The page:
Federación Sindical de Trabajadores Mineros de Bolivia

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FSTMB
Full name Union Federation of Bolivian Mine Workers
Native name Federación Sindical de Trabajadores Mineros de Bolivia
Founded June 11, 1944
Key people Miguel Zubieta Miranda, executive secretary
Country Bolivia
Website sites.google.com/site/fstmb2003

The Federación Sindical de Trabajadores Mineros de Bolivia, FSTMB (English: Union Federation of Bolivian Mine Workers), is a labor union in Bolivia that represents miners. Bolivia's miners are commonly regarded as the country's most class-conscious workers. The FSTMB has played an important role in Bolivia's recent history.

The union emerged in the wake of a violent clash between government troops and striking tin miners in Oruro and Potosí in 1942. The FSTMB was founded on June 11, 1944 at a congress held in Huanuni, Oruro. The Huanuni Congress included delegates from 25 local unions, the Revolutionary Nationalist Movement (MNR), and the Revolutionary Workers' Party (POR, a Trotskyist group). The newly formed union had a membership of 60,000 miners. Juan Lechín, the leader of the miners' movement and POR member, was chosen as the union's Executive Secretary.

Divisions emerged in the union's leadership over how to relate to the new government of Major Gualberto Villarroel. MNR members wanted the FSTMB to support Major Villarroel, but the Lechín and the other members of the POR wanted the union to remain independent of the government. The MNR's position was defeated in 1946 when the FSTMB adopted the "Pulacayo Thesis," which called for a workers' revolution and other radical goals. In 1947, POR members formed a caucus in the union, the Bloque Parlamentario Minero, to represent their interests. The FSTMB faced renewed government suppression following a series of strikes in 1949, forcing Lechín and other union leaders into exile.

New elections were held in 1951 that gave the MNR a plurality, leading the military to nullify the elections. The FSTMB and POR formed militias of workers that fought on the side of the MNR. These militias fought government forces and stormed army bases. These struggles culminated in the "Bolivian National Revolution" in April 1952, which placed the MNR in control of the government. Following the revolution, the FSTMB became the main component of the Bolivian Workers' Center (COB), a new umbrella organization for all labor unions. Most of the large-scale tin mines were nationalized and placed under the control of a new government agency, the Corporación Minera de Bolivia (COMIBOL). COMIBOL was managed jointly by the government and the FSTMB.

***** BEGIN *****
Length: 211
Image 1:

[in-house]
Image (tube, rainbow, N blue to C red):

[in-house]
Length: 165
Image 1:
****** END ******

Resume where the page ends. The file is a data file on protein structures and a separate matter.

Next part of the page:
From 1964 to 1982, a series of military dictators ruled Bolivia. The FSTMB and the COB often faced harsh government repression, most notably under the regimes of Colonel Hugo Banzer (1971–78) and General Luis García Meza (1980–81). Many of the union's leaders were jailed or forced into exile during these years. The FSTMB became a leading force in Bolivian politics once again with the restoration of democracy in 1982.

FSTMB demonstration, June 2005.

In 1985 the world tin market crashed. The MNR-led government of Víctor Paz Estenssoro conceded to an economic restructuring plan set forward by the International Monetary Fund and World Bank. As part of the plan, the government closed or privatized most of the state-controlled tin mines. Between 1985 to 1987, the workforce of the state mining company fell from 30,000 to just 7,000. This devastated the membership of the FSTMB.

Despite its setbacks, the FSTMB remained active in the labor movement and politics. The union was at the forefront of the movement against water privatization in 2000, and has campaigned for nationalization of Bolivia's natural gas reserves. The FSTMB was also involved in the protests that brought the resignations of President Gonzalo Sánchez de Lozada in 1997 and President Carlos Mesa in June 2005. They have also pressured the government to re-nationalize the country's mines.

The current Executive Secretary of the FSTMB is Miguel Zubieta Miranda, who previously led the union's local in Huanuni.

Further reading[edit]

  • Herbert Klein, A Concise History of Bolivia (Cambridge University Press, 2003). ISBN 0-521-80782-4
  • June Nash, I Spent My Life in the Mines: The Story of Juan Rojas, Bolivian Tin Miner (Columbia University Press, 1992). ISBN 0-231-07937-0

External links[edit]